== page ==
Dubai’s climate and weather patterns result from its unique geographical location. Primarily a sandy, and occasionally rocky desert, Dubai features sand dunes, dried river beds, and oases in the west.
With the Persian Gulf forming the east coast and the Hajar Mountains further towards the Gulf of Oman, Dubai offers a mix of seasons that range from harsh to delightful.
Climate of Dubai
Situated between 55° 16 East and 25° 16 North in latitude and longitude respectively, Dubai enjoys a subtropical, arid climate with significant variation in seasonal temperatures.
Summer in Dubai
Dubai experiences scorching heat and clear blue skies from May to October. The heat is relentless, exacerbated by highly humid conditions that compel people to seek air-conditioned indoors.
With nearly eleven hours of sunshine, daytime temperatures average around 105°F (40°C) and can soar to 113°F (45°C) during the hottest months, from June to September. A sharp drop in nighttime temperatures provides some relief from the oppressive heat.
Winter in Dubai
Winter, falling between November and April, is the ideal time to explore Dubai. Winters are pleasantly cool, with consistent temperatures throughout the day. Temperatures can drop as low as 50°F (10°C) in December and March, which are the coldest months in Dubai.
Most of the annual rainfall, which is meager and irregular at best, occurs during the winter months. With only eight hours of sunshine compared to eleven during the summer months, winters encourage both locals and visitors to enjoy Dubai’s array of outdoor activities.
Weather of Dubai
While Dubai’s climate remains stable, its weather displays considerable variations year after year, especially during the summer months. From sandstorms and gale force winds to rain, fog, and thunderstorms, Dubai’s weather remains unpredictable. However, certain trends have emerged over the years that allow us to study and predict Dubai’s changing weather patterns.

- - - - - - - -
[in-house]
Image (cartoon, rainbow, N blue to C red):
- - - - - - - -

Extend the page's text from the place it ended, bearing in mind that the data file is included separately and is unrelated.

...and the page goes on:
Temperature and Humidity
Temperature and humidity vary across Dubai. Inland areas with high humidity experience daytime temperatures averaging about 105°F (40°C), while nighttime temperatures drop significantly.
On the coast of the Persian Gulf, the cooling effect moderates temperature variations, resulting in milder evenings compared to inland regions. The mountainous areas are also cooler and less humid than the inland areas during the summer.
Annual rainfall, though sparse and irregular, averages 8 to 13 cm per year. However, this figure can vary significantly from one year to the next. While most of the rainfall occurs during winter, from November to April, summer showers are not uncommon. These summer showers are a result of south-westerly monsoons in the region, providing a respite from the high humidity and intense heat.
Sandstorms and Gale Force Winds
During the summer, a low-pressure area develops over Dubai, causing strong north-westerly winds to blow from Saudi Arabia. These winds, known as “Shumal” (north) in Arabic, become gusty and unpredictable upon reaching Dubai due to the nearby mountains in the East.
Intermittent strong south and southeasterly winds from the sea interact with Shumal, stirring up desert sand and reducing visibility. Rapid shifts in wind direction can lead to choppy waters and sandstorms that can last for days. During these storms, people typically stay indoors, and fishermen avoid going out to sea.